(1 October). As the conflict in Ukrainian rages on into its sixth month Russian President Vladimir Putin this week implemented a policy of ‘partial mobilisation’ to draft 300000 men into the army, marking Russia’s first mobilisation since the Second World War.
In a televised address to the nation, President Putin justified the mobilisation as a response to the threat posed by the west, who were seeking “to destroy our country”. Despite Putin’s assurances that the mobilisation would only be limited to reservists who had previous military experience, street protests erupted across Russia in opposition to the news reports that have described how many men of military age have fled the country to escape conscription.
A substantial number of conscripts are being recruited from Muslim population centers in the Caucuses and Crimea. This has been viewed as a deliberate move to reduce the casualties among ethnic Russians. The journalist C.J Werleman described the new recruits as “lambs being led to the slaughter”.
Some of the most violent protests against the call-up have been in the Muslim-majority province of Dagestan with hundreds of reported arrests. The province has suffered the most casualties of any other region of Russia. A report by the BBC found at least 301 Dagestani soldiers had died in battle, ten times more than from Moscow.
Over 100 protestors were detained by authorities in the provincial capital Makhachkala. Videos posted on social media show violent clashes between Dagestani civilians and police authorities. Both uniformed and plain-clothed officers have been filmed beating male and female protestors. Despite the authority’s attempts at a crackdown, the protesters have been undeterred. Footage from various demonstrations shows how women have been at the forefront of the protests, chanting “no to war” and “our sons are not cannon fodder”.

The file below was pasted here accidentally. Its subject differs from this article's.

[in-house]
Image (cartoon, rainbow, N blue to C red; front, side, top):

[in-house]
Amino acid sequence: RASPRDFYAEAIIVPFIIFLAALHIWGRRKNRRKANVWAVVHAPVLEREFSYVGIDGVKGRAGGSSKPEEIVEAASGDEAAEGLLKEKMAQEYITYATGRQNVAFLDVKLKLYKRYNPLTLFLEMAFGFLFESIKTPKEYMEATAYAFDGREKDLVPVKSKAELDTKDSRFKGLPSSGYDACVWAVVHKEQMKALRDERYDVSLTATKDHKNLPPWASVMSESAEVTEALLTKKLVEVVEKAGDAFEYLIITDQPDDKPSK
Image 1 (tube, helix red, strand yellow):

However, Mukhammad Mairanov, the chairman of the pro-Russia Islamic Muftiate (representative bodies of Muslims of the North Caucasus) proclaimed that any Dagestani killed in the war would become a shaheed (martyr) and go straight to heaven. Conversely, one video circulating on social media shows a woman confronting a Dagestani official, shouting “A Shaheed (martyr) Does Not Die For Putin.”
Similarly, in neighbouring Chechnya enforced mobilisation is being met with equal disdain by the population, who vigorously protested the call-up and chanted identical anti-war slogans.
This strategy can be seen as a desperate attempt by Putin to use minorities to shield ethnic Russians in a prolonged conflict that has already led to a reported 50000 Russian casualties. This move would placate the mainstream Russian population, as expendable Muslim casualties would not evoke the same outrage.